The plays of Harold Pinter, this year's winner of the Nobel Prize in Literature, are generally not very long, nor do they offer much dialogue. But to suggest that these works are not involved would be misleading. They are punctuated by pauses that reveal as much—or as little—about the characters as the lines do; they verge on the threshold of absurdism; and they create unrest in their audiences. The plays often deal with an apparently trivial situation, which Pinter gradually reveals to be a threatening one, and his characters act in ways that seem inexplicable both to their audiences and, at times, to each other. Such is the case with Tlaloc Rivas's well-directed revival of The Dumb Waiter. Staged by Ward 10, a character-driven production company, at Midtown's intimate Phil Bosakowski Theater, the play begins innocuously enough. Gus (Tim Kang) ties his shoes while Ben (Jon Krupp) reads the newspaper in a small basement room that includes a dumb waiter and a toilet in another room that seems to occasionally flush—or not flush—itself at will.
Gus complains about the routine of his life—sleeping in unfamiliar rooms during the day, performing the job he does with Ben, then fleeing at night. Ben, meanwhile, is far more complacent than Gus, telling his nervous partner that he should keep mum and be grateful for their employment.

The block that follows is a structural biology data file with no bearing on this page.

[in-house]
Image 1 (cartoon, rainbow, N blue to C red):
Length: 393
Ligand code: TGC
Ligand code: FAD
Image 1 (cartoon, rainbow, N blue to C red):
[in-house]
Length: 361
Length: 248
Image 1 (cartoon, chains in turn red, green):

Eventually, we realize that these men are hired assassins.
Then an envelope, containing 12 matches, slides under the door. Rivas has expertly paced and blocked the arguments that ensue between the two as they try to determine what they should do with this new delivery. The tension continues to build while they wait for that night's marching orders, and the audience begins to feel as unsettled as Gus does.
Confusion is added to the mix as the men start to receive requests from the room's dumb waiter. It turns out that the floor upstairs was once a cafe, and the basement was a kitchen. The dumb waiter starts delivering food orders, and while the men cannot fill them, they send up what little food they do have. Gus's ambivalence about what lies in store, meanwhile, continues to grow.
Plays like this do not provide much in the way of explanation or resolution. Instead, Pinter creates plenty of atmosphere, disorienting the audience members so they can identify with Gus, who has been stripped of virtually everything but his instinct for adaptability.
Both Kang and Krupp perfectly embody the two hit men. Krupp's Ben is no-nonsense; his every movement is direct, and he never hesitates with a line reading. In contrast, Kang's Gus is the ideal yin to Krupp's yang, repeatedly retracing his steps and asking questions in an inflection dramatically higher than Krupp's.
Rivas has armed himself with excellent company, particularly lighting designer Stephen Petrilli and set designer Susan Zeeman Rogers, who create the very claustrophobic world that Gus and Ben must inhabit. Her set is stark, with just the two beds in a tightly enclosed space. Additionally, David Anzuelo's contributions as fight director are invaluable.
With this sterling production of The Dumb Waiter, Ward 10 proves it's a company that's unafraid to challenge its audiences. Contemporary theater could use a little of that these days.